Ten minutes later we are presented with our burgers but we are told there that the portion of fench fries and skin-on chips can not be cooked. I don't understand how the burgers can magically be cooked when the chips cannot but communication is not quite good enough to pursue this. Bynow we have almost finished our wine.

L.O. pronounces her burger overcooked when she ordered it rare. I must say mine is rare and the meat is really good quality; however the 'mayo' and Byron sauce (maybe its just the Byron sauce) is a pink marie rose colour and not to my taste. The molten cheddar is fine. The dry cure bacon is too limp, not cripsy at all which I prefer. The soft plain bun is, well ,a soft plain bun but hamburger buns have seldom done it for me. And of course its all spoilt a bit by the lack of chips. The burgers are served on a sheet of semi-transparent paper on the plate. I've no doubt this makes clearing for the dishwasher easier but personally I find it aesthetically unappealing.

All in all (despite for me the crucial beef filling being good) not an altogether successful experience! I complain. I say to our waiter we were brought the wrong wine. We waited for nearly an hour for our food. I acknowledge the gas situation may well have been outside their control but the fact is we had this long wait, and we didn't get all we had ordered. I said that although I understood he personally was not responsible for all the problems were we not entitled to some recompense? A future free meal ,whatever? He was about to put my credit card in the wireless machine. I had already received the bill. There was an immediate back down. He handed me back my card. We were given the meal (which came to around £45 for four) for free! well that was very handsome of them and made up for quite a bit of what had gone wrong. Neverlethess something made me a little uneasy. It was clear that management had sanctioned zero charges in the even of complaint. We had seen the manageress briefing the waiters earlier and when I had said to our waiter was he definitely authorised to make us this offer it was clear that he had been. What made me uneasy was I felt that it was only because we had complained that we had been offered our money back. It was gracious, but if the restaurant had made the offer even without us complaining it would have been more gracious. I suspected we were in a very small minority, and that most had paid up without complaint.

Our waiter said that the gas problem was not an isolated incident and had happened several times before. Thy even suspected sabotage and had put closed circuit TV cameras in place. Strange.

Byron on Urbanspoon

Thursday, 18 February 2010


4 The Polygon
London SW4 0JG

020 7622 1199

We had something to discuss and Clapham happened to be equidistant so we met at Trinity for an early evening meal. They have a Prix Fixe menu. Pretty good value I thought at £20 for three courses. So it proved to be.

First there was a taramasalata amuse bouche. It was fishy fresh compared with the potted supermarket variety accompanied by lovely crisp bread. I then had tartare of mackerel, beetroot and horseradish with compressed cucumber. It was startlingly fresh, the mackerel enclosed in the crisp cucumber, the beetroot little firms discs on the plate. I can be quite resistant to this sort of picture on a plate Michelin style presentation but it did also look beautiful. Butternut squash soup with Parmesan, my co-diner's starter was pronounced not too creamy rich, just right. I had the sea bream second; it was crisp on the outside, the flesh flaky, perfectly cooked with a little stock and the orange flavoured endive worked well with it. I tried co-diner's slow cooked beef in Guinness. I was jealous. This was even better: soft and yummy with marvellous flavour.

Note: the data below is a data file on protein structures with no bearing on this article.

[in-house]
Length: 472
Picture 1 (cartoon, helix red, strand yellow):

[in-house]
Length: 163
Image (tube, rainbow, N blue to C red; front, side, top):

The service throughout was consummately professional. Our waitress had been at the restaurant from the start and really did know about the food and wine. She couldn't have been more helpful without being in any way obtrusive. We left the wine choices to her (neither is on the online wine list). Since one was having fish and one a heavy meat course it was good to be able to order by the carafe and so we had one 500ml carafe each. I had Chateau Revelette, a Provencal wine: oaky, nutty excellent. I tried the red suggestion too: a minerally porty wine from Portugal: Crasto Douro. They were excellent choices.

Afterwards I was guided towards having rhubarb (not on the menu) it was firm, full of flavour in little log piles accompanied by meltingly soft biscuits and cream. Co-diner had the tarte fine, a little strip across the plate, with liquorice ice cream. Again I thought he made the slightly edgier choice. The liquorice ice cream (nothing like liquorice all sorts) was powerful, unusual.

The background is that Adam Brett started the successful Thyme in Clapham, took it across the river to Hospital in Covent Garden where it didn't succeed, retained an interest in Origin the replacement to Thyme at Hospital and came back to start Trinity in November 2006. My main reservation would be I found the atmosphere and decor a bit sterile: simple white table cloths, low lighting, largely youngish professional looking diners. I would definitely go back for the food though. The menu really was outstanding value, though its amazing how things can mount up; but then the two excellent carafes we had came to around £40.